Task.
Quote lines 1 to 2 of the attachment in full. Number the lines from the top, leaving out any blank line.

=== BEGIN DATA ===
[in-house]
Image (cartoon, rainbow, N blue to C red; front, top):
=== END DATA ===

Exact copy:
[in-house]
Image (cartoon, rainbow, N blue to C red; front, top):